Entrepreneur Jade Brown Russell and supporters celebrated the grand opening of Maroon, a minority-targeted co-working space, on Feb. 15 at 1206 St. Charles Avenue. Brown Russell said the space will target technology startups and cultural-based businesses while serving as a “hub of black entrepreneurship, connecting a historic New Orleans neighborhood to the downtown innovation corridor and burgeoning medical district. With over eight out of 10 minority-led businesses failing at year one, we want to level the playing field, and really create true opportunity and equity for Black business owners in New Orleans,” said Brown Russell in a press release. “The goal of Maroon is very simple: build more Black-owned businesses through a community of kinship, alliance and power.”
Fidelity Bank officials hosted an informal ribbon-cutting ceremony on Feb. 14 to commemorate the opening of a new branch at The Rink Shopping Center in the Garden District. The renovated 2,100-square-foot space at the corner of Prytania and Washington streets will focus on personal banking. A full grand-opening ceremony with the New Orleans Chamber of Commerce and city officials is planned for March 22. The new Fidelity branch joins other New Orleans local businesses in The Rink, including Still Perkin’ coffee shop, realtor Eleanor Farnsworth and the Garden District Bookshop.
Zip NOLA, a “swamp zipline adventure,” celebrated its grand re-reopening Saturday, Feb. 12 after receiving a near-direct impact from Hurricane Ida only a month after opening for business last July. Owners Tyler Richardson and Barry Gros Jr. said the Zip NOLA facility sustained a 12-foot storm surge that brought with it the debris from a nearby town. Special machinery was deployed to remove the wreckage while ensuring the protection of the Maurepas Swamp. Now, six months after Ida, the Richardson and Gros said they have exceeded all safety requirements as they rebuilt the course to previous specs. “It has certainly been a roller coaster of emotions,” said Richardson. “From overcoming the hurdles of actually building a zip line through the swamp to opening for just over 34 days until Ida, and now having to redo this process again.”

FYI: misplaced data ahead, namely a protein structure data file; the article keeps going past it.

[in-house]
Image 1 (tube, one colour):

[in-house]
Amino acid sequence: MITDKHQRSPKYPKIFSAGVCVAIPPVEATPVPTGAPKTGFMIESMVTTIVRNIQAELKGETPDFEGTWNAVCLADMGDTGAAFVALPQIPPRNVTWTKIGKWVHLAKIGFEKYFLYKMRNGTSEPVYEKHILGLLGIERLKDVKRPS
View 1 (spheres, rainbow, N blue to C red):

On Feb. 17, Ozanam Inn and the City of New Orleans celebrated the shelter’s move into a 31,351-square-foot facility located at 2239 Poydras Street. The increased capacity is designed to allow the organization to care for more people— and includes space for new, secure dorms that can accommodate women as overnight guests and participants in residential programs. Since 1955, the nonprofit agency has offered free food, shelter and clothing, as well as healthcare assistance and other vital services. Over the last 16 years, Ozanam Inn’s programs have grown to include workforce development programs and training, medical rehabilitation, housing programs and case management. The new facility allows the Inn to expand its medical and dental services with a dedicated clinic suite, including four medical exam rooms, a large dental exam room and a waiting area. This gives Ozanam Inn’s partners at LSU School of Medicine, Tulane University Medical School, LSU School of Dentistry, Healthcare for the Homeless and United Healthcare the opportunity to provide basic healthcare to hundreds more individuals each year.